Cherry extracts very well but unfortunately also grows very slow. We set out to change this! We experimented with many different breeding combinations to increase vigor, size and strength without sacrificing terpene or cannabinoid content, the result of these trials is what we call Cherry HD. Cherry HD is a early finishing, bigger plant capable of competing with the weeds and creating a quick canopy. She has a sweet smell with a hint of funk.

• Strong field ready structure
• Heavy resin and terpenes
• Ideal for biomass or flower
• 2-3%CBC
• Early finisher, finishes mid to late September depending on geography

cbd seed

High CBD Hemp Clones

Baox High CBD Hemp Clones

This vigorously growing satlva dominant plant will fill In up to S’ spacing and will quickly create canopy to crowd out weeds with tighter spacing (we recommend 30″ x 24″). A true veteran of the hemp world BaOX has strong stalks and stems suited for even the windiest environments with close Inter-nodal spacing making her an excellent candidate for biomass.

• Quick to create canopy
• Excellent vigor and plant strength
• 26:1 CBD to THC ratio
• Excellent uniformity
• Ideal for biomass
• High in terpenes B-Myrcene and B-Caryophyllene

cbd seed
cbd seed

Cherry HD Hemp Clones

Cherry is a short squat plant that grows in a very dense tight bush with thick resinous flowers that stretch to the bottom of the plant. Very resinous with nice tight buds making it ideal for either extraction of flower. Cherry grows a little slower than most so performs best when planted a little denser. While she is smaller she makes up for it with Cannabinoid content.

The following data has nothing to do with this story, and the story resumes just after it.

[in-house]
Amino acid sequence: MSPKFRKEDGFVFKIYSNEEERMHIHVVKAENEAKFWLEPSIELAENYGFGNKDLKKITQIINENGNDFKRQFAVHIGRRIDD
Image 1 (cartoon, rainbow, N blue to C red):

• High terpene content
• Dense flowers
• 29:1 CBD to THC ratio
• Can reach 15% CBD or more.
• Finished flower has an almost red or purple hue
• High in terpene b-caryophyllene, farsenene, humulene, limonene, linalool and myrcene

Spectrum Hemp Clones

Clone only Spectrum is a little slower to flower but once she does she packs on the flower weight quickly, not ideal for climates with a shorter growing window but will reward farmers with large resinous buds suitable for extraction or flower. Strong stems and stalks she is field ready for any weather.

• High terpene content
• Grows large dense resin coated flowers
• Ideal for biomass or flower 27:1 CBD to THC ratio

cbd seed
cbd seed

Spectrum Hemp Clones

Clone only Spectrum is a little slower to flower but once she does she packs on the flower weight quickly, not ideal for climates with a shorter growing window but will reward farmers with large resinous buds suitable for extraction or flower. Strong stems and stalks she is field ready for any weather.